With Roche’s plan to make ris­diplam cheap­er than Spin­raza, the ap­peal of oral ad­min­is­tra­tion could make the drug an even big­ger threat to the Spin­raza fran­chise — which gen­er­at­ed near­ly $2.1 bil­lion last year — com­pared to the world’s most ex­pen­sive ther­a­py, Zol­gens­ma.

“Giv­en the dy­nam­ics sur­round­ing COVID-19, and the an­tic­i­pat­ed shift to­ward telemed­i­cine and min­i­miz­ing in-per­son in­ter­ac­tion with health­care providers, we be­lieve the com­pet­i­tive ad­van­tage of be­ing an oral ther­a­py that can be giv­en at home will be even more pro­nounced and could lead to the rapid up­take of ris­diplam should the med­ica­tion gain ap­proval by the Au­gust 24th PDU­FA,” Sko­r­ney added.

Ear­li­er this month, the FDA said it need­ed an­oth­er three months to re­view ad­di­tion­al da­ta on the drug sub­mit­ted by its mak­ers.

Has the mo­ment fi­nal­ly ar­rived for val­ue-based health­care?

RBC Capital Markets’ Healthcare Technology Analyst, Sean Dodge, spotlights a new breed of tech-enabled providers who are rapidly transforming the way clinicians deliver healthcare, and explores the key question: can this accelerating revolution overturn the US healthcare system?

Key points

Tech-enabled healthcare providers are poised to help the US transition to value, not volume, as the basis for reward.
The move to value-based care has policy momentum, but is risky and complex for clinicians.
Outsourced tech specialists are emerging to provide the required expertise, while healthcare and tech are also converging through M&A.
Value-based care remains in its early stages, but the transition is accelerating and represents a huge addressable market.

Clay Siegall, Morphimmune CEO

Up­dat­ed: Ex-Seagen chief Clay Sie­gall emerges as CEO of pri­vate biotech

Clay Siegall will be back in the CEO seat, taking the helm of a private startup working on targeted cancer therapies.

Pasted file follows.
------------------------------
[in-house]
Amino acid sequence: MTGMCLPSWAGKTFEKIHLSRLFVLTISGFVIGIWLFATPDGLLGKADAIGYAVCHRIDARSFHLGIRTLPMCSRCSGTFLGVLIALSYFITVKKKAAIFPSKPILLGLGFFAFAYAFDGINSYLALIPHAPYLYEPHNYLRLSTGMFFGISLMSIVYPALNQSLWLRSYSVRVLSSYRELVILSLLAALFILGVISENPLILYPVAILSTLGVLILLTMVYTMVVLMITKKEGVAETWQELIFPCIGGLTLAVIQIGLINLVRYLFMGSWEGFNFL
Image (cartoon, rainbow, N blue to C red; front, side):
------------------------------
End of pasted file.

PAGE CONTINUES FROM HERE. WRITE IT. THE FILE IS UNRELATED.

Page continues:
It’s been almost a year since Siegall resigned from Seagen, the biotech he co-founded and led for more than 20 years, in the wake of domestic violence allegations by his then-wife. His eventual successor, David Epstein, sold the company to Pfizer in a $43 billion deal unveiled last week.

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No­vo Nordisk oral semaglu­tide tri­al shows re­duc­tion in blood sug­ar, plus weight loss

Novo Nordisk is testing higher levels of its oral version of its GLP-1, semaglutide, and its type 2 diabetes trial results released today show reductions in blood sugar as well as weight loss.

In the Phase IIIb trial, Novo compared its oral semaglutide in 25 mg and 50 mg doses with the 14 mg version that’s currently the maximum approved dose. The trial looked at how the doses compared when added to a stable dose of one to three oral antidiabetic medicines in people with type 2 diabetes who were in need of an intensified treatment.

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Ly­me vac­cine test com­ple­tion is pushed back by a year as Pfiz­er, Val­ne­va say they'll ad­just tri­al

Valneva and Pfizer have adjusted the end date for the Phase III study of their investigational Lyme disease vaccine, pushing it back by a year after issues at a contract researcher led to thousands of US patients being dropped from the test.

In a March 20 update to clinicaltrials.gov, Valneva and Pfizer moved the primary completion date on the trial, called VALOR, from the end of 2024 to the end of 2025.